In the new issue of Source we set out to find out how many of the most important people in photography are using Twitter. To get a sample of successful people in photography we have included full time curators, members of Magnum, professors of photography and photographers shortlisted for the Deutsche Börse Photography Prize. This totals 246 people of whom 36% have Twitter accounts although some of these accounts appear to be dormant; 27% have tweeted in the last six months.
Curators are twice as likely to use Twitter as nominees for the Deutsche Börse Prize, they are also more active once they have signed up, producing more than double the number of tweets. Professors of photography are both the least active (writing a quarter of the number of tweets as the curators) and the least followed. Members of Magnum are the most popular attracting, on average, five times more followers than the professors.
To understand more about the use of Twitter I spoke to Mark Power (
@marktpower) who, confusingly, is both a member of Magnum and a professor. He explained that for him it is both a professional and a personal tool.
To get the view of an art photographer and someone who doesn't use Twitter I spoke to Fiona Crisp. She signed up to Twitter (
@FionaCrisp1) but rarely uses it and says she is embarrassed that people might follow her when she has no intention of tweeting.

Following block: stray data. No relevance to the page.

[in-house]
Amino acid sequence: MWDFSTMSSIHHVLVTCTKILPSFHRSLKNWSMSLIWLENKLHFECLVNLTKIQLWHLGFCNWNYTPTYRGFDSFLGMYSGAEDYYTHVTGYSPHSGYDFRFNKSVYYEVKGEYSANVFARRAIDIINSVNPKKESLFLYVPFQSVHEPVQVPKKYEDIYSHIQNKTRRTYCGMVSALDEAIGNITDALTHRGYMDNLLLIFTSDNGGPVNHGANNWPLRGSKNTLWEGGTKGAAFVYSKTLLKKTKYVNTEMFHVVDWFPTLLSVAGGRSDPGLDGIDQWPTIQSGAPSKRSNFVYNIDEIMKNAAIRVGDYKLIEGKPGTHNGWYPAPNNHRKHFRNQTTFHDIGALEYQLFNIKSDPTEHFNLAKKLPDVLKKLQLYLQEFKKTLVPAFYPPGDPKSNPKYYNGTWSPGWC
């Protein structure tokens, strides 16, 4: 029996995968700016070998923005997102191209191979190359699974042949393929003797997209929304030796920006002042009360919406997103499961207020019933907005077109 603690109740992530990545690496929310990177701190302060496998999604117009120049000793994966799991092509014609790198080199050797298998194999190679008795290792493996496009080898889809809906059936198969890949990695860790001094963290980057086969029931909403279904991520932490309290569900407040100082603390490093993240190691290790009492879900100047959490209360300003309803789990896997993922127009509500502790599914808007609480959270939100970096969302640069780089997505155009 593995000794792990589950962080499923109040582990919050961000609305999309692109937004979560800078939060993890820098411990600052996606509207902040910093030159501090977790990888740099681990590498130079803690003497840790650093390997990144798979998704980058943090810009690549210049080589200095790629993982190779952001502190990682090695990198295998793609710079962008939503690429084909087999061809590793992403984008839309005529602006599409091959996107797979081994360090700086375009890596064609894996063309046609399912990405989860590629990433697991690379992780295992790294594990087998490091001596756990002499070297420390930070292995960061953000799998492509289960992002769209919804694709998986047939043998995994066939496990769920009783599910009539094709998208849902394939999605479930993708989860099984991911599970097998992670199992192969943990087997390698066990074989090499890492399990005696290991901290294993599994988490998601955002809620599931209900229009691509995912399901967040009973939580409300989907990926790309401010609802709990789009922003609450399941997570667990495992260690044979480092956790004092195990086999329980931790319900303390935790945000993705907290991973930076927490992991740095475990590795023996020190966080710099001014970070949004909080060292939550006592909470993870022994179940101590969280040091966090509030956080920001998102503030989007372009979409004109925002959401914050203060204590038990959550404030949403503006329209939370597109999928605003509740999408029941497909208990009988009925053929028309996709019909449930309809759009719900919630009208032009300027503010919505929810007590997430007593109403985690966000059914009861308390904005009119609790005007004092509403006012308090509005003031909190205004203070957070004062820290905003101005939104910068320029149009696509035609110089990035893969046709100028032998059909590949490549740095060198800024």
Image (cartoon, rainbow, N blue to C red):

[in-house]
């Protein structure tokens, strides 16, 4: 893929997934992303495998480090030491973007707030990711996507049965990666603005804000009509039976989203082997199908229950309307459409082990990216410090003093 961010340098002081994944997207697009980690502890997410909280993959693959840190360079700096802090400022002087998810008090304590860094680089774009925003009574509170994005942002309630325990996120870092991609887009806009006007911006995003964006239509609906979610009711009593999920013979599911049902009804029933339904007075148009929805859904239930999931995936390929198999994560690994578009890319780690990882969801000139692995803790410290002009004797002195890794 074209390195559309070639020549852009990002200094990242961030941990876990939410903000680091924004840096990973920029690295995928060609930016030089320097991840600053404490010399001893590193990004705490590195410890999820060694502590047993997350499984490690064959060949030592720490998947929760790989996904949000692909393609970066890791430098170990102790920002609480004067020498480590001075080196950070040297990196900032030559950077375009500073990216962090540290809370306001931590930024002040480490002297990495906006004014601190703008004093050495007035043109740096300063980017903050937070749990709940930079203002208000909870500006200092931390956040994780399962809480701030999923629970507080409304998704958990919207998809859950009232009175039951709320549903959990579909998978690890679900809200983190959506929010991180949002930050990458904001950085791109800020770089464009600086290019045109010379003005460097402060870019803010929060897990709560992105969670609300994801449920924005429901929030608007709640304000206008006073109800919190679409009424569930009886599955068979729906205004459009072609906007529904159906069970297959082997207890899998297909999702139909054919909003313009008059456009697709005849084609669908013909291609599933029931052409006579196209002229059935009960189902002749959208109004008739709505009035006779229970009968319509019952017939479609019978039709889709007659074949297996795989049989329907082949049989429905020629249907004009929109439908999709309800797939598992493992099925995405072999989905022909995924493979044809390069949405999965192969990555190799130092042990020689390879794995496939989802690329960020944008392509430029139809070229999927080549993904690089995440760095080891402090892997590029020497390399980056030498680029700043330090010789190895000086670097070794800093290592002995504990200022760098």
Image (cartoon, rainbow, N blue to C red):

So what conclusions can be drawn? Clearly quite a few people in photography use Twitter, but it's still a minority activity among those who have achieved the most success. It is not surprising that curators – whose job is to find out about things and communicate with people – have adopted Twitter most enthusiastically. More surprising is how few art photographers tweet. As Fiona Crisp suggests, perhaps Twitter doesn't provide the kind of engagement they are looking for from gallery visitors? I also spoke to the photographer John Davies – not a Twitter user – his response, 'Life's too short, it's not actually productive…'
To read more from the new issue of Source you can subscribe here. In this issue there is also a subscriber offer to win a free tactile photograph, find out more about tactile photographs and how to win one here.
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